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PGA Capitalise on Outgoing Chief Executive’s Experience

3.57pm 3rd March 2017 - People

Sandy Jones (credit Matthew Lewis at Getty Images)
Sandy Jones (credit Matthew Lewis at Getty Images)

The PGA has ensured it will benefit from the extensive experience and knowledge Sandy Jones has acquired as its chief executive by offering him a role when he retires.

Sandy Jones, who will be succeeded by Robert Maxfield following The PGA’s annual general meeting at the end of March, has been appointed executive president and will still be retained by the Association, albeit on a reduced basis.

As president of the Golf Foundation, chairman of the PGAs of Europe and The Ryder Cup Trust, Jones always planned to remain involved with the sport.

This latest appointment, however, adds up to an even busier retirement and Jones said: “I see this as an ambassadorial role and I am delighted to be asked.

“I will remain a Trustee of The PGA Benevolent Fund, supporting the fund raising in particular through The PGA Annual Lunches which are a major source of revenue to the fund.

“Another responsibility will be assisting in the looking after of our Heritage Collection which has great value in the world of golf. It is our intention to create a virtual Heritage room so that the collection can be viewed around the world and I look forward to working on this project very shortly.

“I will be available to Rob as and when he feels I can be of assistance and certainly in and around Ryder Cup matters.”

The position will see Jones extending an association with The PGA which began in 1980 when he was appointed Scottish region secretary. During the decade he was there, Jones quadrupled the Tartan Tour’s prize money to just shy of £1m and developed the growth of The PGA in Scotland.

He became chief executive in December 1991 and during the subsequent 25 years The PGA has played a significant role in the development of the game, not just in Great Britain and Ireland but around the world.

That is borne out by more than 1,400 of its almost 8,000 Members working in 79 countries worldwide.

His initiative saw the creation at The Belfry of what has become The PGA National Training Academy and European Centre of Excellence for Golf.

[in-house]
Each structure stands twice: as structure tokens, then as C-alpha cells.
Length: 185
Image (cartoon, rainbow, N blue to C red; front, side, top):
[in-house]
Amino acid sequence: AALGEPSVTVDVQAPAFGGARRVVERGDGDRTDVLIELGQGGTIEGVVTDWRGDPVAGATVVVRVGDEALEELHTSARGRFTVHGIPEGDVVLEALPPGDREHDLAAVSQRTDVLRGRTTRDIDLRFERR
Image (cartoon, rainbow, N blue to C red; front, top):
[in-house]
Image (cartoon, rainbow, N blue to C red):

This, in conjunction with the University of Birmingham, now offers a foundation degree in Professional Golf Studies and an honours degree in Applied Golf Management Studies.

In addition, a partnership with the University of Highlands & Islands offers an honours degree in Professional Golf and a diploma in Higher Education in Professional Golf.

More recently, a diploma in Golf Club Management in partnership with the Golf Course Managers’ Association (GCMA) and British and International Golf Greenkeepers Association (BIGGA) was created.

The PGA National Training Academy also serves as the hub for the ongoing professional development programme offering vocational education opportunities for all PGA Professionals.

PGA golf education is widely acknowledged as the best in the world and during Jones’ time as chief executive thousands of students have graduated. This number includes students from China, India, the Middle East, Far East and most European countries as well as Great Britain and Ireland.

It’s no surprise that in 2009 Jones was awarded an honorary doctorate from the University of Birmingham for outstanding services to sport and golf.

The PGA is the founding partner of the Ryder Cup and, as a board member, he played a pivotal role in developing it into one of the largest sporting events in the world, introducing a charitable arm enabling revenues from the Ryder Cup to develop the game.

His initiative to form the PGA World Alliance, made up of the major PGAs is another great example of the influence he has had on the game.

Closer to home, Jones has raised the profile of The PGA and its Members during his 25 years as chief executive. He has also developed The PGA brand and the Association has become one of the most highly respected organisations in sport.

Through his vision two Ryder Cup venues, Gleneagles and The Belfry, have championship courses bearing The PGA Brand.  The PGA Centenary course at Gleneagles was the venue for the 2014 Ryder Cup match.

It all adds up to a wealth of experience and PGA chairman David Murchie said: “Sandy has dedicated most of his working life to The PGA and its Members.

“As chief executive he has taken the Association forward in every aspect of the business and has enhanced its reputation and standing across the golfing world.

“We’re delighted he has accepted the invitation to become our executive president and we will still be able to call on his expertise and experience.”

Robert Maxfield echoed those sentiments and added: “During his time at The PGA Sandy has achieved many things. As the incoming chief executive I am extremely fortunate I will be taking over the leadership of an Association that is respected the world over thanks to Sandy’s vision, dedication and hard work. I am pleased I will still be able to draw on Sandy’s experience as he takes on his new position.”

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